Musicals

From WikiLove - The Encyclopedia of Love

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The Black Crook (1866), considered by some historians to be the first musical on Wikipedia

Musical is a form of either film or theatre that combines songs, spoken dialogue, acting, and dance. The story and emotional content of the piece – humor, pathos, love, anger – are communicated through the words, music, movement and technical aspects of the entertainment as an integrated whole. Although musical theatre overlaps with other theatrical forms like opera and dance, it may be distinguished by the equal importance given to the music as compared with the dialogue, movement and other elements of the works. Since the early 20th century, musical theatre stage works have generally been called, simply, musicals.

  • List of Musicals: A to D
  • List of Musicals: E to L
  • List of Musicals: M to T
  • List of Musicals: U to Z
    • Aladdin Jr. ; Musicals.jpg
    • Aladdin Jr. ; St Columbia College.jpg
    • Aladdin Jr. ; On stage.jpg
    • Aladdin Jr. ; Disney s Aladdin Jr Musicals.jpg
    • Billy Elliot - Dancing - Jumping - Musicals.jpg
    • Hair - Hippies - Musicals.jpg
    • 1960 St. Louis Outdoor Musicals.jpg


    • Lea Salonga - On My Own (Les Misérables)

    Keywords: Lea Salonga On My Own

    Musicals are, by nature, theatrical, meaning poetic,
    meaning having to move the audience's imagination
    and create a suspension of disbelief,
    by which I mean there's no fourth wall.

    - Stephen Sondheim

    You think, 'Musicals, they must always be romantic
    You'd be surprised how few of them historically have ever been romantic.

    - Harold Prince

    Well, the musicals give emphasis to love, longing, melancholy, sadness.
    All of that is always there.

    - Ismail Merchant

    The musicals had a good, happy feeling,
    saying that the world is a better place.
    They say it's not reality, but who cares?
    There's too much reality these days.

    - Shirley Jones


    • Musicals Classics 50 Movie Pack Collection (1949)

    Musicals Classics 50 Movie Pack Collection (1949).jpg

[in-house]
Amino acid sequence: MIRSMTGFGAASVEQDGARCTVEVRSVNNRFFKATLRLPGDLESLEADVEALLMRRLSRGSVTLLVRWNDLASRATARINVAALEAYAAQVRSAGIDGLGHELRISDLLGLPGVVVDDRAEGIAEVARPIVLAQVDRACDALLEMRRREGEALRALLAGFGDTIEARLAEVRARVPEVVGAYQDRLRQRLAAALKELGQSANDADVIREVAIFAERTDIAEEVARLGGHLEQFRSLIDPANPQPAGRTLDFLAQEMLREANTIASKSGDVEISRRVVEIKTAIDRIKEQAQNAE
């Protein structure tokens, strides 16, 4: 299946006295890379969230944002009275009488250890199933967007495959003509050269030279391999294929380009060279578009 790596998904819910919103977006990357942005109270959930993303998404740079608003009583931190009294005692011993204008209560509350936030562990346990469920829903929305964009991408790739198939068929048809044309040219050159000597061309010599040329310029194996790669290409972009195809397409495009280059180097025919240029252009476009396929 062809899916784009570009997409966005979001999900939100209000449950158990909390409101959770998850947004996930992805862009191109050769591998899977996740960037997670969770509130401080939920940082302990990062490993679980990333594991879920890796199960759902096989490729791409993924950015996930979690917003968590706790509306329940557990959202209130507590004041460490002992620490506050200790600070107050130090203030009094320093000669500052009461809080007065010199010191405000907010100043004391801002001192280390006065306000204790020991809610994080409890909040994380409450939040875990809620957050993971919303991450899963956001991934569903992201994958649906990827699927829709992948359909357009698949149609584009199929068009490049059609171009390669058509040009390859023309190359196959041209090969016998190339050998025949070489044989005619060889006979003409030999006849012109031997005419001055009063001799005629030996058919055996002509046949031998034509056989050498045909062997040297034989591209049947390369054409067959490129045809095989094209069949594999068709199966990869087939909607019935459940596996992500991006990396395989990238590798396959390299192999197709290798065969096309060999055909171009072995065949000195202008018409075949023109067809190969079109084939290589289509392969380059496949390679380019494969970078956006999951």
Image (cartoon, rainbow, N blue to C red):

Description of product: Judy Garland (Actor), Frank Sinatra (Actor) Buy this on Amazon.com for $20.12

    • Black and white musical notes pins

    Black and white musical notes pins.jpg

    Description of product: Five sizes from 1.25"-6" in diameter. Printed on 100% Recycled Paper. Covered with scratch- and UV-resistant Mylar. No minimum order. Both round and square buttons available. Buy this on Zazzle.com for $3.15

    • Les Miserables

    Les-miserables.jpg

    Description of product:(11 in x 17 in)(Masterprint) Buy this on AllPosters.com for $7.99


    Quotes reported in Hoyt's New Cyclopedia Of Practical Quotations (1922), p. 535-41.
    • Music religious heat inspires,
      It wakes the soul, and lifts it high,
      And wings it with sublime desires,
      And fits it to bespeak the

    Deity.

    • Music exalts each joy, allays each grief,
      Expels diseases, softens every pain,
      Subdues the rage of poison, and the plague.
      • John Armstrong, The Art of Preserving Health (1744), Book IV, line 512.
    • That rich celestial music thrilled the air
      From hosts on hosts of shining ones, who thronged
      Eastward and westward, making bright the night.



    • "Music hath charms to soothe the savage beast,"
      And therefore proper at a sheriff's feast.
    • And sure there is music even in the beauty, and the silent note which Cupid strikes, far sweeter than the sound of an instrument; for there is

    music wherever there is harmony, order, or proportion; and thus far we may maintain the music of the spheres.

      • Sir Thomas Browne, Religio Medici (1642), Part II, Section IX. Use of the phrase "Music of the Spheres" given by Bishop Martin Fotherby,

    Athconastrix, p. 315. (Ed. 1622). Said by Bishop John Wilkins, Discovery of a New World, I. 42. (Ed. 1694).


    • Music arose with its voluptuous swell,
      Soft eyes look'd love to eyes which spake again,
      And all went merry as a marriage bell.


    • Music has charms to soothe a savage breast,
      To soften rocks, or bend a knotted oak.
      I've read that things inanimate have moved,
      And, as

    with living souls, have been inform'd,
    By magic numbers and persuasive sound.

    • The soft complaining flute
      In dying notes discovers
      The woes of hopeless lovers,
      Whose dirge is whisper'd by the warbling lute.


    • One man with a dream, at pleasure,
      Shall go forth and conquer a crown
      And three with a new song's measure
      Can trample a kingdom down.


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